Ever wonder what FICO actually means, and what it has to do with your credit score? Behind every mystery acronym is (usually) an interesting explanation. In this case, it’s important to know where FICO came from and how it impacts your credit. Everything you ever needed to know about a FICO score is down below.
What does FICO stand for?
Fun Fact- FICO stands for “Fair Isaac Corporation,” a company that created the score of the same name. Dr. Earl F. Fitch started the first credit bureau in 1916 and the first FICO score was introduced in 1958!
How does a FICO score impact your credit rating?
The FICO Score is used by lenders to assess how risky it is to lend money to someone based on their credit history. Lenders have many different types of FICO Score models available, so not all borrowers are scored equally! A lender will typically use a “base” model, which will be applied to all FICO Score models. The base model is based on data from the three credit bureaus: Equifax, Experian, and TransUnion.
What are the different types of FICO Scores?
There are different FICO Scores used by lenders to assess risk, but there are also FICO Score versions used solely for personal use. FICO sells multiple FICO scores that can be purchased directly from their website. These scores look at your credit history and give you an idea of how lenders see the same information. Depending on what type of FICO Score you purchase, it can range from 300-850. FICO also offers a “FAKO” score, which is actually a credit score that’s been generated by one of the three credit bureaus – not FICO themselves.
List of Different FICO Scores Lenders May Use
- FICO Score
- FAKO Score
- Base FICO Score
- FICO Auto Score
- FICO Bankcard Score
- FICO Mortgage Score
- FICO Personal Loan score
Usually, all of these scores are close to each other but can vary slightly depending on a lot of different factors. That’s why some people might be approved for one type of loan, but may be denied or receive a higher interest rate for a different type of loan despite having the same Base FICO score.
What are FICO scores used for?
Other than being a helpful number to know when applying for loans or credit cards, FICO Scores can also be useful in other ways! For instance, FICO Scores are often used to predict how likely people will be able to pay their bills on time. FICO scores can also help landlords determine the financial risks of renting out an apartment or home!
Scores are also commonly used by employers to determine if someone is a good candidate for employment. FICO scores can even affect the rate of insurance premiums that an individual might pay!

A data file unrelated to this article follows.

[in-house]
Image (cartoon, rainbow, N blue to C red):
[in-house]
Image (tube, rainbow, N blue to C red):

How are FICO scores calculated?
Your FICO Score changes constantly based on your credit history. Each time you apply for new credit or make a late payment, FICO Scores are updated. FICO Scores have three categories of information that they take into account when evaluating your credit history:
– Payment History – 35% of the total FICO Score is determined by this category! Did you make all of your payments on time? Late or missed payments can really impact a FICO score negatively. (Read more about how to remove late payments from your report)
– Amounts Owed – 30% of FICO Scores are determined by this category. It’s important to know how much you owe in credit cards, student loans, mortgages, etc., and make sure that it doesn’t get too high or your FICO score will drop!
– Length of Credit History – The remaining 30% FICO Scores are determined by this category. FICO Scores like to see that you have had credit for a while, so making newer accounts can get your FICO score lower!
How to Check a FICO Score:
You can check your FICO score for free at myFICO.com, which is an independent FICO Score calculation site, not affiliated with any particular lender! Remember, it’s also important to check your FICO score periodically because it can change over time.
Is a FICO Score the same thing as a Credit Report?
Nope. FICO scores are not the same as credit reports, which you might already be familiar with if you’ve applied for a loan before! They only consider information from certain bureaus (Equifax, Experian, and TransUnion), whereas every bureau is included in a credit report. FICO Scores are updated often, whereas credit reports can keep track of your history for up to seven years!
What else do I need to know about FICO scores?
Keep in mind that FICO is just one of many factors used when deciding whether or not someone gets approved for a loan or credit card. FICO Scores are just one of the many tools lenders have to determine whether someone will be likely to repay what they owe on time!
If all this sounds intimidating and you want help enacting these principles, let us know. Our credit repair team is ready and waiting to help you max your FICO score up and to the next level.